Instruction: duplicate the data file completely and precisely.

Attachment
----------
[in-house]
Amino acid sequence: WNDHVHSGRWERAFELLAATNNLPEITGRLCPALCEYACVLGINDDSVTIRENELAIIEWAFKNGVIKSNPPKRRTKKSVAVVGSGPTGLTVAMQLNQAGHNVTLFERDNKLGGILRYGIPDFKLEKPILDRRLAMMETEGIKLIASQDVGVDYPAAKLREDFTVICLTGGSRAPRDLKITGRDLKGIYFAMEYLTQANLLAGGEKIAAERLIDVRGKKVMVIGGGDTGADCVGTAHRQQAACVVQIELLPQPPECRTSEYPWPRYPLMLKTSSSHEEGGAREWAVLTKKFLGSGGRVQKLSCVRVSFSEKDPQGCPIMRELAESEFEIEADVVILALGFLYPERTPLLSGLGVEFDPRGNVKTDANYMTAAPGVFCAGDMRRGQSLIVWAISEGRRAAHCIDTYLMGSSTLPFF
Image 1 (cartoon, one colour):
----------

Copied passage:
[in-house]
Amino acid sequence: WNDHVHSGRWERAFELLAATNNLPEITGRLCPALCEYACVLGINDDSVTIRENELAIIEWAFKNGVIKSNPPKRRTKKSVAVVGSGPTGLTVAMQLNQAGHNVTLFERDNKLGGILRYGIPDFKLEKPILDRRLAMMETEGIKLIASQDVGVDYPAAKLREDFTVICLTGGSRAPRDLKITGRDLKGIYFAMEYLTQANLLAGGEKIAAERLIDVRGKKVMVIGGGDTGADCVGTAHRQQAACVVQIELLPQPPECRTSEYPWPRYPLMLKTSSSHEEGGAREWAVLTKKFLGSGGRVQKLSCVRVSFSEKDPQGCPIMRELAESEFEIEADVVILALGFLYPERTPLLSGLGVEFDPRGNVKTDANYMTAAPGVFCAGDMRRGQSLIVWAISEGRRAAHCIDTYLMGSSTLPFF
Image 1 (cartoon, one colour):